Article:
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The Next Generation Airborne Observatory - SOFIA
Session 34 -- Airbourne Astronomy
Display presentation, Tuesday, 9:30-6:30, Pauley Room

## [34.02] The Next Generation Airborne Observatory - SOFIA

E. F. Erickson (NASA/Ames), J. A. Davidson (SETI Institute)

NASA and the astronomical community have planned SOFIA - the Stratospheric Observatory for Infrared Astronomy - to extend and expand the capabilities of airborne astronomy. Just as the KAO telescope has three times the aperture of its Learjet predecessor, SOFIA's aperture will be three times that of the KAO. Thus SOFIA will surpass the angular resolution of the KAO by a factor of three and its per-pixel sensitivity by at least a factor of nine at wavelengths beyond 10 \mm..

Following the tradition of the KAO and Learjet programs, the user community will provide most of the SOFIA focal plane instruments. Scientists will fly their new instruments as soon as they become operational, assuring immediate application of state-of-the-art technology throughout the anticipated 20 year observatory lifetime. Annual peer review of submitted proposals guarantees a vigorous observing program.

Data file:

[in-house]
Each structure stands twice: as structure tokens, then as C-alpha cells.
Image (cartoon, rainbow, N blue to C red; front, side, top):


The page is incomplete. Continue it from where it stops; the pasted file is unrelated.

Armed by 15-20 different instrument teams, reinforced by an additional $\sim$~50 guest investigator groups, and flying 160 8-hour sorties per year, SOFIA will attack a very broad range of astronomical problems. To name just a few, SOFIA will: probe km-scale structure of planetary atmospheres and ring systems; measure the luminosity function of young stellar objects down to values $\simless.$~0.1 L\sun.; identify accreting protostars; and trace structure and location of dominant energetic activity in IR-luminous galaxies with $\sim$~1 kpc resolution at 100 Mpc.

The Astronomy and Astrophysics Survey (Bahcall) committee ranked SOFIA as the highest priority moderate cost new mission for NASA in the 1990s. SOFIA has been thoroughly studied and is ready to start development. If funding is available in FY95, SOFIA could be flying by the end of the decade.